Some recipes you just can't shake. Here, we share our best recipe memories from the 1930s until now, including cheesy potatoes, crispy chicken, and intoxicating cinnamon cake. Check out the differences in flavors, trends, and more!
In efforts to "tempt the appetites of women-folk," Navy cook J.F. Ruhnka submitted his flawless beef recipe to a men's cooking competition back in 1930. The hearty strips of broiled sirloin covered in creamy mushroom sauce wowed the all-women panel.
Today's take on steak is less saucy, more fresh. The sunny flavors of Mediterranean cuisine inspired this lemon-splashed grilled steak. Top your strips with creamy avocado and crumbly feta.
A must-make for holiday tables past, these golden potato pots feature minimal ingredients and lots of creamy cheddar goodness. A squeeze of whipping cream makes the stunning side extra luscious.
Still a snap to prepare, these cheesy potato sides sport new and exciting ingredients, such as tangy Dijon and smoked paprika.
The 1940s made condiments on salad cool. Home-canned pickles and a creamy jar of mayonnaise dressed up this colorful chicken salad, while a few spears of garden-fresh asparagus topped it all off.
This sandwich-friendly recipe ditches the mayo used in the original salad, dressing the chicken in a pina colada-flavor low-fat yogurt. Fresher ingredients like grapes, coconut, and mango chutney are also introduced in this tropical twist.
Made-from-scratch meatballs put an authentic Mexican spin on any simmery tomato soup. This 1940s recipe pairs them with al dente spaghetti, crisp onions, and a sprinkling of feisty chile powder.
Pasta and tomatoes meet again in this contemporary take on tomato soup -- this time using canned tomato bisque, cream cheese, chicken broth, and cheese-filled tortellini. Fewer ingredients get this soup on the table faster.
Eating cake for breakfast has always been A-OK in our books. Aside from California walnuts, this prize-tested recipe -- from Chicago in 1949 -- uses only pantry staples, making it a perfect choice when baking on a whim.
Modern-day kitchens welcome a little boozy baking. New and infused, this cinnamon cake recipe uses a splash of Amaretto -- an almond-flavor Italian liqueur -- to add sweet richness to the cake.
This war-weary decade called for comfort food, and what better pick-me-up than homemade mac and cheese? Mrs. Blake -- winner of this prize-tested recipe -- uses canned cream of mushroom soup to make the bake extra creamy.
Macaroni gets a coastal, upscale makeover thanks to crisp onion, smooth Brie, and flaky crabmeat. You can find creative mac-and-cheese dishes such as this on modern restaurant menus across the country.
It's back to basics with this 1950s Southern staple. Essential seasonings such as thyme, rosemary, and a pinch of marjoram liven up this soul-comforting fried chicken recipe.
You just can't beat Grandma's fried chicken -- until now. South-of-the-border ingredients such as chile peppers, lime, and hot pepper sauce all play a part in this fried chicken's crisp, addictive coating.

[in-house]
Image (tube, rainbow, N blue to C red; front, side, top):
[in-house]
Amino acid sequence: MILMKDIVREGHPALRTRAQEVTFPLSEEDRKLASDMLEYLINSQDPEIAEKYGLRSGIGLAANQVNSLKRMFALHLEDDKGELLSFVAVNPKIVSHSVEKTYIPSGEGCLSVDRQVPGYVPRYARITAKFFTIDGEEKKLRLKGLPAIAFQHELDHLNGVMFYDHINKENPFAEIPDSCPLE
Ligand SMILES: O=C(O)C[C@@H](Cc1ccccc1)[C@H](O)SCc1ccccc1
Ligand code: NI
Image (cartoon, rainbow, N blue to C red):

In the midst of the baking-mix breakthrough, Ms. Leila Dawson of Texas stuck to her made-from-scratch ways. These satin-top brownies star crunchy California walnuts and her secret ingredient: salad oil.
Today, dessert is just much about the toppings as it is the treat itself. These twisted brownies get down and fruity in this 2008 recipe thanks to pureed raspberries, melty marshmallows, and white and milk chocolate.
Looks like a cake roll, tastes like a cinnamon roll. Recipe winner Mrs. Almous Austin slit the dough before baking to give the powdery treats a playful fantail shape and a sweet sneak peek at the cinnamon-walnut filling.
Cinnamon does it again. This time, sidekicking it to baked apples and a heavenly citrus glaze. Adding cream cheese to the mix makes this biscuit-based dessert extra intoxicating.
The quick and easy dinner trend made its debut in the '60s as busy home cooks turned more toward convenience items. This one-skillet omelet uses frozen hash brown potatoes, bacon, and a slew of veggies.
New-age cooking focuses on all things fresh, so it should come as no surprise that these hash browns are homemade. Vibrant produce such as avocado, roma tomatoes, and green onion also make a tasty appearance.
For an easy way to get homemade flavor in minutes, recipe winner Mrs. Jay Palmer of Kansas dressed up a simple can of chicken soup using chopped veggies, American cheese, and chicken breast.
An icy bottle of beer snuck its way into this spiked cheese soup alongside bacon, potatoes, and broccoli florets. 2013 fired up this fall favorite with tangy mustard and a dash of always-handy hot sauce.
Gone were the days of mixes and canned items -- cooking the old-fashioned way was all the rage in the 1970s, making homemade desserts such as these lemon-blackberry jam bars a go-to goodie.
Days are busier than ever, meaning less time spent baking. Pinterest and bloggers are reigniting the dreamy-desserts renaissance of the 1970s, infusing Grandma's recipes with new, in-a-snap methods. A quick oatmeal cookie mix and frozen red cherries help make up these nostalgic fruit bars.